A Self-Study Course?

[Please note: ACIM passages quoted in this article reference the Foundation for Inner Peace (FIP) Edition.]

There is a single term that is perhaps the first term used in most descriptions of A Course in Miracles. It is also perhaps the most universally used. Everyone uses it, no matter what their persuasion is. That term is “self-study.” If you are going to describe the Course to a new audience, you will most likely begin your description with some version of “A Course in Miracles is a self-study course.” Beyond the fact that there are three volumes and that the material was scribed (or channeled) by Helen Schucman in cooperation with Bill Thetford, its self-study nature might possibly be the most agreed upon fact about the book as a whole.

When you first hear the title, A Course in Miracles, you naturally wonder who teaches this course and at what school do you take it. The term “self-study” answers those questions, indicating that you learn it on your own, not from a teacher, not at a school. It implies that the Course is a book you purchase and then study in whatever way you want. No one is guiding your study, as would be the case in a formal schooling situation. You are the one in charge. You approach your study of the Course however you want.

Few would question this obvious idea. It is a foundational lens through which everyone views A Course in Miracles, and this lens was handed to us by the term “self-study.” That term, therefore, has exercised an immensely powerful influence. It has shaped our whole perspective on what the Course is. It has had the authority to do so, I believe, because it has seemed to have the stamp of official approval. It has been repeated so often, for so long, by such “official” sources, that we assume that the term is either in the Course or was given directly to Helen by the author of the Course.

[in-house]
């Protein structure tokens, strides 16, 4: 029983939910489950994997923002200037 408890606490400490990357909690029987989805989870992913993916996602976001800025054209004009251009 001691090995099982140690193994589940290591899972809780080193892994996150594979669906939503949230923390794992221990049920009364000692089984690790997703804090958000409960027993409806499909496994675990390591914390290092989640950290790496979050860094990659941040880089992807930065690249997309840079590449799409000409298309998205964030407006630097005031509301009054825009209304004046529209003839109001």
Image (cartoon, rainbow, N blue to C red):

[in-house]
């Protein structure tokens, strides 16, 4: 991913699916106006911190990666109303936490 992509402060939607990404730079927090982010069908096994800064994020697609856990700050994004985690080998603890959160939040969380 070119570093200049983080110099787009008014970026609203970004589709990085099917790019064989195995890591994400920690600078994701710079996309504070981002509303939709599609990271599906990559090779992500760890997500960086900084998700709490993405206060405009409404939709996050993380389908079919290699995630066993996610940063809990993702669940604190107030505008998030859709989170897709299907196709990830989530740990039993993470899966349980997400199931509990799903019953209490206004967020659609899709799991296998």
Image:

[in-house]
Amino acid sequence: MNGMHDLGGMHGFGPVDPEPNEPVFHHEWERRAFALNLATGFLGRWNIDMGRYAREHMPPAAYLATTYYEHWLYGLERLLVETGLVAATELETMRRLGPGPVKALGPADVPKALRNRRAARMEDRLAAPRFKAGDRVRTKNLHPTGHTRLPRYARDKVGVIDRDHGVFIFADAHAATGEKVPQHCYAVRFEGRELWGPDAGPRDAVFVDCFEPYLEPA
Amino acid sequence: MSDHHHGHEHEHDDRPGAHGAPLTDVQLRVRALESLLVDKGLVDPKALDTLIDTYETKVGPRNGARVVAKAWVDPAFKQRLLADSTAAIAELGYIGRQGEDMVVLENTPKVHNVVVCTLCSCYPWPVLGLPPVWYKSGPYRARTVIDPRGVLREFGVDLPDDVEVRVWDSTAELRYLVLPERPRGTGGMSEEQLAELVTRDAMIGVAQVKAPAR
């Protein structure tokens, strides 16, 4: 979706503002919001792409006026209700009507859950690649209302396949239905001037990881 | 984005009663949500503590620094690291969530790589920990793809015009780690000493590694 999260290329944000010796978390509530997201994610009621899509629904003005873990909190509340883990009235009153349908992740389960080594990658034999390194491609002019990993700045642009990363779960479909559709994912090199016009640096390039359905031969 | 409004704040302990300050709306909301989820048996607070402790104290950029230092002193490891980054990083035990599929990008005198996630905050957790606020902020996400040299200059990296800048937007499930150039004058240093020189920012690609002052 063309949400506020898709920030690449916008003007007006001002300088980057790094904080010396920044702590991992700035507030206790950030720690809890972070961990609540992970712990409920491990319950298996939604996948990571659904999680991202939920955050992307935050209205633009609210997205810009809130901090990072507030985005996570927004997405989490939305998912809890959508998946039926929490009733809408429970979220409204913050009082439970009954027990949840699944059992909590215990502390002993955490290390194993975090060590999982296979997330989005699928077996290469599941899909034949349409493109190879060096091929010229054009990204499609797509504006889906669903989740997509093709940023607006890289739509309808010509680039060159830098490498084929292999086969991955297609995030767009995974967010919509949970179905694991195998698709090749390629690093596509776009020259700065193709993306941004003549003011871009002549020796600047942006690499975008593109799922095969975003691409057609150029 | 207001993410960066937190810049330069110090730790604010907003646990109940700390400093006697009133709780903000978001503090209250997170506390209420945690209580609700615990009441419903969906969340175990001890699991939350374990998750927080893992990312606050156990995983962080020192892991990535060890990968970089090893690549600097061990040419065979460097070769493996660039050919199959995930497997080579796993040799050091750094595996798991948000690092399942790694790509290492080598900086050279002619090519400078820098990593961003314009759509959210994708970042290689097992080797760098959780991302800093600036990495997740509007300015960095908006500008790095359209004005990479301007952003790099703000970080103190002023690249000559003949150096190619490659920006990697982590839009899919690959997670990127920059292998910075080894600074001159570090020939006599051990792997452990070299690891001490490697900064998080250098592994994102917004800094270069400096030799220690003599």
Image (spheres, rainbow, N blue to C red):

This article is an examination of that term. Where did it come from? How valid is it? What does the Course itself say about it? Ultimately, this article is about the power of lore or tradition about the Course to shape our view of the Course. If an idea has been handed down to us from the very beginnings of a spiritual path or movement, we tend to automatically take it into our minds and build the rest of our picture around it, accepting those pieces that fit with it and rejecting those pieces that don’t. Therefore, it is all the more important to know where the idea actually came from.

In the case of the term “self-study,” it does not come from the Course itself. The Course never uses the term. It never calls itself a self-study course, not once. Perhaps, then, the term was given to Helen Schucman through inner guidance. However, I have combed the published guidance that Helen received from Jesus apart from the Course and the term “self-study” cannot be found there. Maybe, then, this term comes from unpublished guidance of Helen’s, even though I have been told that there is not a great deal of relevant guidance still unpublished.